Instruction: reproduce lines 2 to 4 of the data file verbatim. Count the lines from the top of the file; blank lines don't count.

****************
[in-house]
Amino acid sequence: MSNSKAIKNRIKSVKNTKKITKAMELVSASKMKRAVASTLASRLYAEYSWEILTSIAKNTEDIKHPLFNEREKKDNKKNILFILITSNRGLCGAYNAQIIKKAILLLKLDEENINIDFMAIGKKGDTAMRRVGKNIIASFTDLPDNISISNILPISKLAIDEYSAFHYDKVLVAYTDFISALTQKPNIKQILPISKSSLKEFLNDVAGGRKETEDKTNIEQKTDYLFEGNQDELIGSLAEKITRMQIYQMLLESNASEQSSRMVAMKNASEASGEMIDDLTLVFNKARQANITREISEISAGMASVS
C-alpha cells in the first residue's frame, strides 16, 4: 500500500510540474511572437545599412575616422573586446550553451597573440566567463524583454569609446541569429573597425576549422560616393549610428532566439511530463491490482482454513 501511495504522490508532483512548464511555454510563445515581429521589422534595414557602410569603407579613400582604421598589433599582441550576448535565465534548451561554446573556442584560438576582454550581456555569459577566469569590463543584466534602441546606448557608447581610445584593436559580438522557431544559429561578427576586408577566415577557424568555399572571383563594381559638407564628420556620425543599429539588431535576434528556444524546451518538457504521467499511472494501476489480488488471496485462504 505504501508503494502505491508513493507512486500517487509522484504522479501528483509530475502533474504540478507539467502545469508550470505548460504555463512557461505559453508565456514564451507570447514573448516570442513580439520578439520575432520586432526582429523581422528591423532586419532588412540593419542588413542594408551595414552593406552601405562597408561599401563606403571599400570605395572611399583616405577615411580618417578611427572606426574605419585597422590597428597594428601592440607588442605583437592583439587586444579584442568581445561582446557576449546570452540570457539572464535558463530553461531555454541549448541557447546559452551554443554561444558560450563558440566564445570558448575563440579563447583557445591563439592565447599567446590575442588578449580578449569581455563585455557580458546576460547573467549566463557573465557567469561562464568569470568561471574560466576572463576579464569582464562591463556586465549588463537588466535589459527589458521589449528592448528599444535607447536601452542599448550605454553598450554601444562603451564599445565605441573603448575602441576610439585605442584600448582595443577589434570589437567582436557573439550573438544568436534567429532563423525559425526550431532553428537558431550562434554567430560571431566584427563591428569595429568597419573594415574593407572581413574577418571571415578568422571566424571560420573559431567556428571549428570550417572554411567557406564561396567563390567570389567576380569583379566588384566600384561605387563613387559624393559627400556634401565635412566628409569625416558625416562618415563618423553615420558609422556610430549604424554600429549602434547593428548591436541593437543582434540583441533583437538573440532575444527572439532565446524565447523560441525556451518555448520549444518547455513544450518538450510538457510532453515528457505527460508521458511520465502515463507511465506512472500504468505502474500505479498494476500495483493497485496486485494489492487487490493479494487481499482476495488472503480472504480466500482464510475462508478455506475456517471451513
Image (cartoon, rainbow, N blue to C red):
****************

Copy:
Amino acid sequence: MSNSKAIKNRIKSVKNTKKITKAMELVSASKMKRAVASTLASRLYAEYSWEILTSIAKNTEDIKHPLFNEREKKDNKKNILFILITSNRGLCGAYNAQIIKKAILLLKLDEENINIDFMAIGKKGDTAMRRVGKNIIASFTDLPDNISISNILPISKLAIDEYSAFHYDKVLVAYTDFISALTQKPNIKQILPISKSSLKEFLNDVAGGRKETEDKTNIEQKTDYLFEGNQDELIGSLAEKITRMQIYQMLLESNASEQSSRMVAMKNASEASGEMIDDLTLVFNKARQANITREISEISAGMASVS
C-alpha cells in the first residue's frame, strides 16, 4: 500500500510540474511572437545599412575616422573586446550553451597573440566567463524583454569609446541569429573597425576549422560616393549610428532566439511530463491490482482454513 501511495504522490508532483512548464511555454510563445515581429521589422534595414557602410569603407579613400582604421598589433599582441550576448535565465534548451561554446573556442584560438576582454550581456555569459577566469569590463543584466534602441546606448557608447581610445584593436559580438522557431544559429561578427576586408577566415577557424568555399572571383563594381559638407564628420556620425543599429539588431535576434528556444524546451518538457504521467499511472494501476489480488488471496485462504 505504501508503494502505491508513493507512486500517487509522484504522479501528483509530475502533474504540478507539467502545469508550470505548460504555463512557461505559453508565456514564451507570447514573448516570442513580439520578439520575432520586432526582429523581422528591423532586419532588412540593419542588413542594408551595414552593406552601405562597408561599401563606403571599400570605395572611399583616405577615411580618417578611427572606426574605419585597422590597428597594428601592440607588442605583437592583439587586444579584442568581445561582446557576449546570452540570457539572464535558463530553461531555454541549448541557447546559452551554443554561444558560450563558440566564445570558448575563440579563447583557445591563439592565447599567446590575442588578449580578449569581455563585455557580458546576460547573467549566463557573465557567469561562464568569470568561471574560466576572463576579464569582464562591463556586465549588463537588466535589459527589458521589449528592448528599444535607447536601452542599448550605454553598450554601444562603451564599445565605441573603448575602441576610439585605442584600448582595443577589434570589437567582436557573439550573438544568436534567429532563423525559425526550431532553428537558431550562434554567430560571431566584427563591428569595429568597419573594415574593407572581413574577418571571415578568422571566424571560420573559431567556428571549428570550417572554411567557406564561396567563390567570389567576380569583379566588384566600384561605387563613387559624393559627400556634401565635412566628409569625416558625416562618415563618423553615420558609422556610430549604424554600429549602434547593428548591436541593437543582434540583441533583437538573440532575444527572439532565446524565447523560441525556451518555448520549444518547455513544450518538450510538457510532453515528457505527460508521458511520465502515463507511465506512472500504468505502474500505479498494476500495483493497485496486485494489492487487490493479494487481499482476495488472503480472504480466500482464510475462508478455506475456517471451513
Image (cartoon, rainbow, N blue to C red):